Doctor's Inn dining room may close after Health department warning

Eric McCarthy
Published on June 12, 2014
Jean Offer whips up a salad for her husband Paul. The kitchen where she prepares the meal is the same one that she uses to prepare meals for guests to the couple's private dining room. Environmental Health has advised them they will not be able to continue that practice after this year.

TYNE VALLEY --  A Tyne Valley dining room that's been listed in Where to Eat in Canada may be closing down in October because of rules that differ between serving guests of a bed and breakfast and serving food to people who are not overnight guests.

Paul and Jean Offer have been operating a private dining facility out of their home for more than 30 years. For many of those years, it ran in conjunction with their bed and breakfast operation, The Doctor's Inn.

The Offers were initially advised by an environmental health officer last month that they could no longer provide a private dining service in their home because there was no clear separation between their public food service and their daily living service.

Essentially, they prepare their own meals in the same kitchen that they use to prepare meals for their guests.

Environmental Health subsequently agreed to allow the Offers to continue with their private dining room until October, but the couple is not ready to draw the curtain on their service just yet.

“I can see the Department of Health’s stance on this, but, there’s that word called common sense, which there seems to be a great lack of in a lot of cases,” Paul Offer lamented.

The couple notes that if they were still operating a bed and breakfast out of their home they would be allowed to serve meals to their overnight guests, but not to members of the travelling public who are not staying with them.

Their official letter on the department’s ruling arrived on the same day that they received their sticker from Where to Eat in Canada.

“I call that a conundrum” Jean commented.

And just days after being advised of Environmental Health’s ruling, the Offers’ kitchen passed an inspection allowing it to continue to prepare foods like jams, jellies and pickles for the booth they staff at the Charlottetown Farmers’ Market. Jean said she considers that a conundrum, too.

“It is a person’s private home. There can be considerable traffic,” Joe Bradley, manager of environmental health, said in explaining why the department seeks a clear separation between daily living and food service facilities.

He acknowledged there is an exemption in place which allows bed and breakfast facilities to serve their guests without adhering to that separation, but stressed that does not apply to private dining.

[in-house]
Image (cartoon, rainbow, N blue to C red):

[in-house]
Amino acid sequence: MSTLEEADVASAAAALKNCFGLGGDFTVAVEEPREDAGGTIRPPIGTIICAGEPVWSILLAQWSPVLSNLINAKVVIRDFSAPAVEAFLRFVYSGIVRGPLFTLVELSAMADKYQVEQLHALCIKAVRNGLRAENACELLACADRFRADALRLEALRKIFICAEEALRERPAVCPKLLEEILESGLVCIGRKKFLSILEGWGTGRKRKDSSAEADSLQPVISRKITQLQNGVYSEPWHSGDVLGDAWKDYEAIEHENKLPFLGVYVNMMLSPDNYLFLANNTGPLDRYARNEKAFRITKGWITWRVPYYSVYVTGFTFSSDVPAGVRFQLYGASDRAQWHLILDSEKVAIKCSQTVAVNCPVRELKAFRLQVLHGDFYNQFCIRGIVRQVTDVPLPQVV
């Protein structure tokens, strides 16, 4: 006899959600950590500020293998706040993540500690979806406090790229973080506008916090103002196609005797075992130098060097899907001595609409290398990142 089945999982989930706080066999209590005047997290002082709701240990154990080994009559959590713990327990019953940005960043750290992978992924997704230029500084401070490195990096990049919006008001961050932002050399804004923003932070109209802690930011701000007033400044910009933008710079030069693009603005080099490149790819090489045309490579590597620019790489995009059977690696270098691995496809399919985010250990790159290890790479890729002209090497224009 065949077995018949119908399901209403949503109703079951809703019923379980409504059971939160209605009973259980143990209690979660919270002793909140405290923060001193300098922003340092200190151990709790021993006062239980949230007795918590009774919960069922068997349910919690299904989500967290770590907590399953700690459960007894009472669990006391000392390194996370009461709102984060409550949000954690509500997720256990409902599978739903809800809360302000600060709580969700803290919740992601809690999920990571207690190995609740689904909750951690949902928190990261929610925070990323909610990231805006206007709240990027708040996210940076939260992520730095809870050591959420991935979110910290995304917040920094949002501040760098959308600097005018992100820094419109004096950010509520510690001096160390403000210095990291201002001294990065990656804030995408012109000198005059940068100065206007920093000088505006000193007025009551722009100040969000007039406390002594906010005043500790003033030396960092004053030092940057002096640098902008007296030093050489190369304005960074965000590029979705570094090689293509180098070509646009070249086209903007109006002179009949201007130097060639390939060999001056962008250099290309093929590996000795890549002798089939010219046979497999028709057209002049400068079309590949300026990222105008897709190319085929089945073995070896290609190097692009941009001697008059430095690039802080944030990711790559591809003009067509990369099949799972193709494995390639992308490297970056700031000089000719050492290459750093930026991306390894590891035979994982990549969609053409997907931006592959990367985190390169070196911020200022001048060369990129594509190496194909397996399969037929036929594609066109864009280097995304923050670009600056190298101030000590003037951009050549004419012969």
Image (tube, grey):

Children, pets and bringing in matter on clothing and footwear from a farming environment, he noted, are all sources of potential contaminants.

“If they were simply operating as a B&B and serving food to their overnight guests only, they would be exempted, but if they continue to offer the dining experience that they are now, we would have to consider them a dining room,” he stressed.

Bradley acknowledges the new regulations are still only in draft form, but he said the department, through the Public Health Act, could have stuck with its original order to close the dining room immediately, as issued in May. Because of advertising and other expenses the Offers already incurred, he said his department agreed to allow them to continue operating until October.

The couple accepts only one dinner reservation per day and require at least 24 hours notice. That, Jean said, is so they can obtain fresh ingredients for their group of one to six people. They served 50 meals last year, she said. They provide many of their own herbs and vegetables.

Lynden Ellis has been a regular customer at the Offers’ Doctor’s Inn dining room. He reacted angrily to news that they might not be allowed to continue their operation after this year.

“I was just sick when I heard that,” he said.

“That is a really, really good place to eat. Anytime people come home I try to take them,” he said, explaining he reserves a table at least twice a year.

Ellis said he is not concerned about the meal being prepared in the same kitchen the Offers use for preparing their own meals.

“Why would you be concerned? You can see exactly what they’re doing. Everything is just hunky-dory.”

While the Offers indicate they hope to appeal the ruling, Bradley said there is no actual appeal process under the Public Health Act. He did indicate, though, that his department is certainly open to further discussion on the matter.

The Offers acknowledge they could get around the new regulations by getting back into the bed and breakfast business, but know that would mean they could only serve their B&B guests.